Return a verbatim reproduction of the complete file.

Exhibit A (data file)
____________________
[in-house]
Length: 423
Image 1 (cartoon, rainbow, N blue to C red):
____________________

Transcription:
[in-house]
Length: 423
Image 1 (cartoon, rainbow, N blue to C red):